May registrations dipped 0.6 percent versus the main powerboat categories and 1.1 percent overall versus May 2018 — a somewhat pleasant surprise as the country was drenched with one of the wettest months on record.
Registrations declined year-over-year on a 12-month rolling basis 3.9 percent in the main powerboat categories, and 2.1 percent overall, according to May registration data from Statistical Surveys Inc., a Michigan firm that tracks new boat registrations.
May’s preliminary data came from 26 states, representing almost 55 percent of the U.S. market.
Ski and wake boats registrations continued to thrive with 9.1 percent growth over May 2018, and 6.2 percent growth on a rolling 12-month basis.
Fiberglass outboard-powered boat registrations also grew 4.6 percent versus last year after a few months of declines; the category is down 1.8 percent on a rolling 12-month basis, the data showed.
Yachts 41 to 65 feet had large increases as well — 80 registered this May compared to 55 last year during the month — a 45.5 percent increase. Semi-custom and custom yachts above 65 feet also saw 15.4 percent growth, with 15 sold versus 13 last May.
Aluminum fishing boats continued their decline, again perhaps due to the unusually wet spring. The category was down 6.2 percent compared to last May, and was off nearly 11 percent on a rolling 12-month basis.
“We believe that any adverse weather impact on dealer traffic is more than likely to impact the smaller impulse-purchase boats — with aluminum fish falling squarely into that camp and most likely to see a benefit when the weather breaks on a more consistent basis,” wrote B. Riley analyst Eric Wold about the May data.
Pontoons also experienced softness with a 2.2 percent decline in registrations compared to May 2018, but remained positive at 0.2 percent growth year-to-date.
PWC registrations grew 6.5 percent versus last year, and was up 8.8 percent year-to-date.
May is typically the most significant month at 16 percent of retail, said Wells Fargo analyst Timothy Conder.
“We believe May results were generally in-line [or] slightly better than expectations given continued elevated precipitation,” wrote Conder in a report, pointing out that precipitation levels year-to-date in May were near the highest on record.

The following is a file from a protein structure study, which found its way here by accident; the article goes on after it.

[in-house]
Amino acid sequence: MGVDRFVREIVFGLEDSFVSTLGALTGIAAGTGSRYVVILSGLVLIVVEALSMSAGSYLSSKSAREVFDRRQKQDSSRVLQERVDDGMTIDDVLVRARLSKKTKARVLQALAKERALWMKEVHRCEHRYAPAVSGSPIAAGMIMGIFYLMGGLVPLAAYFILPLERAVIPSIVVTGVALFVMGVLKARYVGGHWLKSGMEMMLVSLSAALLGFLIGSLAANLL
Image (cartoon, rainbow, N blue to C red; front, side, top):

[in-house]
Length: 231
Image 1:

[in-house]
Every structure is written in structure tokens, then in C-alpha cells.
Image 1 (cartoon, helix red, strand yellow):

Near-term pent-up U.S. demand appears satisfied, all collectively compounded by unfavorable year-to-date Midwest, Northern and Canadian weather, said Conder.
“Positively, we believe Memorial Day weekend and the first week in June saw better trends, but we are still waiting on inflection point in the value segment,” wrote Conder. “Channel inventory levels need to be closely monitored with likely negative implications to wholesale [the second half of 2019]. Similar to 2014, June [and] July — collectively 27 percent of annual retail — are now even more critical retail months.”
Poor weather might have impacted deliveries from May purchases, and delayed registration, said Wold.
Nevertheless, Wells Fargo believes the industry is about 10 percent over-inventoried.
“We believe the situation will require lower wholesale [in the second half of 2019] and retail pick-up in June [and] July to correct,” said Conder. “Channel inventory aging is at an all-time low, but still up year-over-year in dollars. The most work is needed in saltwater fishing and pontoons. We believe OEMs have already slowed wholesale shipments to proactively address any channel risks.”
Wells Fargo expects 2019 retail units to be down between 1 and 2 percent, versus the previous forecast of being up that amount. It also projects retail dollars to be up between 3 and 5 percent for the year.